Saturday, March 31, 2007

Okonomiyaki

This one is for my sister. And boy did I wish she was here to help finish the food. I made two okonomiyakis, one with seafood and the other with minced pork and red bell pepper. My wife and I barely finished one.

The pork and pepper one is not exactly traditional but hey the name okonomiyaki means 'whatever you like' right?

For the batter I used approximately 2 cups of flour, 1 cup of water, half a head of Chinese cabbage, a few eggs and a dash of salt. Mix everything together and fry in a pan with oil. When the batter is half done add the toppings. Flip them over and fry for another few minutes. Top these Japanese pancakes with seaweed, mayo, okonomiyaki sauce (Worcestershire sauce will do as well) and bonito flakes (I paid way too much for the bonito flakes, 3 euros for a small handful!).

We washed every down with a nice cold glass of choya soda.

Lunch on the Balcony

The lunch itself is really nothing to write about. Simple feta salad with peppers and dried apricots. I made the dressing by crushing some garlic cloves, combining them with salt, pepper, lemon juice and whisking in some olive oil. It was our first meal this year on our little balcony. It was very nice to get some sun and listen to the birds on a lazy Saturday afternoon.

Friday, March 30, 2007

Tuna Melt and Carrot Salad

I'm putting the boy on a new napping routine. Instead of two naps per day he only gets one in the afternoon. In order to do that I need to keep him busy in the mornings, which means less time to make lunch.

Threw together lunch in 15 mins. Tuna melt should be self explanatory. Basically just grilled cheese with tuna. Today I added some marinated peppers to spice it up a bit. By the way, peppers are actually called pepperonis here in Europe. And pepperoni as North Americans know it is called salami.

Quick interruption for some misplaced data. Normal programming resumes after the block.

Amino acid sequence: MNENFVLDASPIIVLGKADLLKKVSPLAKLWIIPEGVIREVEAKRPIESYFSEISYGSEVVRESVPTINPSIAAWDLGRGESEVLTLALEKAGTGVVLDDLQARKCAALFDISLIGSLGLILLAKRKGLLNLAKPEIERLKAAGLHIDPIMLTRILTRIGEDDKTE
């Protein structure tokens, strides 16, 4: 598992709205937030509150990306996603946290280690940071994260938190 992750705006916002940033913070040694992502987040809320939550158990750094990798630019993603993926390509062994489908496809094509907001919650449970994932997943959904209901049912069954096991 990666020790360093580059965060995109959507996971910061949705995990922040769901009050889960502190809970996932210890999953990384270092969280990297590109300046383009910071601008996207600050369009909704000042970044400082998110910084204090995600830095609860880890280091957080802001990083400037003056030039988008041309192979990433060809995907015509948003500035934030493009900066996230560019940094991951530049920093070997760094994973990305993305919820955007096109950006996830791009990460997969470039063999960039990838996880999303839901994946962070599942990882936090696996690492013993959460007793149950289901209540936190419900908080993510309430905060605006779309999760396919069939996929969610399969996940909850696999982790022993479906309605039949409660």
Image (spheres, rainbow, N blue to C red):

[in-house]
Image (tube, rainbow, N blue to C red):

The carrot salad was equally easy. Simply peel and shread a carrot, mix with lemon juice, olive oil, a dash of sugar, salt and pepper, minced parsley. Chill if you have time for a few minutes, but it's also good to serve immediately.

Thursday, March 29, 2007

Stuffed Tofu and Blanched Cabbage

Thanks for the ones who have voted already.

Stuffed Tofu. I had some already seasoned minced pork left from the fried beans dish yesterday. Perfect for this favorite of mine. Simply smash the meat against a bowl a few times and then fill the tofu pockets with it. Roll them in a bit of corn starch then fry first over medium heat and then when they're almost done over high heat until nice and crispy. The black bean sauce was made by sauteing some minced garlic with black beans seasoned with sugar and sesame oil. When it's fragrant pour in some corn starch thinned out with water to make a sauce.

Blanched Cabbage. Boil water in a pan with a piece of ginger. Cook cabbage in boiling water with a dash of salt and sesame oil. Cover. Drain after 5 mins. Arrange nicely on a plate and pour chicken broth over it. This time I gave in and used the instant stuff.

Wednesday, March 28, 2007

Szechuan Beans and Steamed Tofu-Egg

Went to the Asia shop today for some Chinese stuff. They happened to have Chinese string beans so that along with the minced pork in the fridge gave me an idea. The other dish is a childhood thing my mother made.